Could Remixing Old MOOCs Give New Life to Free Online Education?

Higher Education

Could Remixing Old MOOCs Give New Life to Free Online Education?

By Jeffrey R. Young     Mar 20, 2019

Could Remixing Old MOOCs Give New Life to Free Online Education?

It’s common these days to hear that free online mega-courses, called MOOCs, failed to deliver on their promise of educating the masses. But one outcome of that push towards open online courses was plenty of high-quality teaching material.

Now, one of the first professors to try out MOOCs says he has a way to reuse bits and pieces of the courses created during that craze in a way that might deliver on the initial promise.

The idea comes from Robert Lue, a biology professor at Harvard University who was the founding faculty director of HarvardX, the college’s effort to build MOOCs. He’s leading a new platform called LabXChange that aims to let professors, teachers or anyone mix together their own free online course from pieces of other courses.

The key innovation, he says, is to stop focusing so much on courses, and start letting people get at the smaller pieces within them. “The course was actually starting to get in the way,” he says, calling courses large and “relatively unwieldy.”

As the name suggests, this platform is focused on scientific disciplines, starting with biology and biotechnology. Here’s how his system will work:

“Let’s say you want to do something on sickle cell anemia,” Lue says. A search in LabXchange would one day pull up a list of videos, text descriptions, infographics and other materials.

From that list of results, he says, you might pick three videos and an infographic, and then add a case study focusing on a really moving human story. “You drop these into a learning pathway, and you resequence them the way you want to,” he says. And the platform lets you add your own videos or texts as well. It then presents you with a unique web address you can share with students.

The end result, he says, is a “mini-MOOC—perfectly customized with your content and other content out there.”

The platform is under construction, and is expected to be released in September. And since it’s built on top of the open-source software released by edX (called OpenEdX), it will be free for anyone to use. Lue will present the project next week at the OpenEdX conference in San Diego.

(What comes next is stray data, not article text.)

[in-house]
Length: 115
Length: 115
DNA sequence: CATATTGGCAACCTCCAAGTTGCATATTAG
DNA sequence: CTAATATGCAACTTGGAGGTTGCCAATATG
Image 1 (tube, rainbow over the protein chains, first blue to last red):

A key to getting this vision to materialize, though, is getting the creators of courses to agree to put their pieces into the platform. Most MOOCs require users to sign up for them before they can even see what the course consists of. As Lue puts it, “all of the content is locked into courses.”

Anant Agarwal, CEO of edX, said that the ability to share and remix content within courses is still being developed, and that he expects that each university and professor will be given the choice of whether or not they want their course material to be available for remixing. He noted that edX already allows professors to specify the copyright preferences for their courses, including allowing easy use of Creative Commons licenses that specify that the author grants free permission for others to use it.

“There are many ways in which people have to give permission for remixing,” Agarwal said. “It’s not something we’re going to turn on and suddenly, Woops, everything is shared.”

Lue says that he hopes the LabXChange system will be a prototype of a next-generation learning platform, and that future versions could include adaptive learning features that would offer students different material based on their demonstrated skill level. Should such features emerge, that would make the platform a free competitor to systems like Knewton, the for-profit company that was an early player in adaptive learning and now focuses on selling low-cost textbooks built around open content.

“It’s a little hard to tell how Knewton works because it is so proprietary,” says Lue. He said his hope is to help build an open source alternative.

The LabXChange team says it has been building partnerships to encourage content creators to add their materials to the platform.

One of those partners is Fanuel Muindi, who leads the nonprofit Stem Advocacy Institute, which has created a library of educational materials called The Journal of Stories in Science. The nonprofit has collected and edited about 120 stories from both scientists and nonscientists about how science has impacted their lives. “A lot of textbooks and any other scientific texts don’t have this story component,” he says. “Science is much more than just facts and numbers, it’s about the people who do the work.”

One popular story in the collection is told by a father who relates how his eight-year old daughter has become fascinated by science. “There were moments like when I brought home a microscope,” it reads. “It was Daddy’s new toy and she wanted to play too. She wanted so badly to be able to touch it that she was always very careful to follow instructions when I let her operate it. I guess she wanted to show me that she respected the equipment. It wasn’t long before she was able to operate it independently.”

Muindi says that once LabXChange is up and running, all of the stories in the Journal of Stories in Science will be included for people looking for content to add to their personalized courses.
Other partners listed on the site include Hubble Studios, which creates virtual science experiments, as well as HarvardX and edX.

The LabXChange project is supported by a $6.5-million grant from the Amgen Foundation.

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